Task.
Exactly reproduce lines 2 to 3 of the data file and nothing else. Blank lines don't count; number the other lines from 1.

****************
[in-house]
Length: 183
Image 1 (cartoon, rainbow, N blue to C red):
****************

Length: 183
Image 1 (cartoon, rainbow, N blue to C red):